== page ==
My humor has gotten lost in Spanish discussions. At least you didn't get copiously down-voted, which is what happened to me. Oh, well. I'll take a hit for a little humor any time. :-)
I was wondering the same thing. It seems almost like a Polish-ized phonetic version of vegetable.
Nope, it's not related in any way to English 'vegetable', „warzywo” comes from verb „warzyć” which used to mean 'to cook' – originally, only cooked vegetables were called that, uncooked vegetables were called „jarzyna” and even that was an effect of semantic shift. In earlier history, vegetables were distinguished between these that are planted in spring(„jare”) and these that are planted in autumn(„ozime”).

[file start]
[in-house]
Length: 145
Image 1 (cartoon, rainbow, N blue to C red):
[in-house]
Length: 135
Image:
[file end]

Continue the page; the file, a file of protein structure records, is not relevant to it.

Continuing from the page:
Very cool. Thanks! It seems a little magical that the two words are so similar. :-)
It is cool to see similarities between polish and slovak language (culture) , which i was not aware of :)
Hello! In serbian it is "varivo" - for cooked dishes, and it is similar, if not the same with verb "variti" - to digest.
When I listen to the Polish word it sounds distantly like the English word. I figured they were related.
Isn't it weird how they sound similar, but look so different when spelt out?
It sounds like /'ВА-жы-во/ but Polish-speakers in this course have said that the accent in Polish words is almost always on the second-to-last syllable and that you can't go wrong pronouncing Polish that way. So in that case, it should be vazhívo
In a way, there is no "Z" in this word. Not as a sound. RZ = Ż (only a matter of orthography, but the same sound), and it corresponds to English ZH.
The number of situations when "RZ" has the sounds pronounced separately is super small: I can only think of "marznąć" (to feel cold, to be cold) and its derivatives, "mierzić" (to disgust, to sicken) and its forms, and "Tarzan" (which is pronounced the same way as in English).
The Duolingo algorithm sometimes puts a random sentence from the past into an unrelated skill.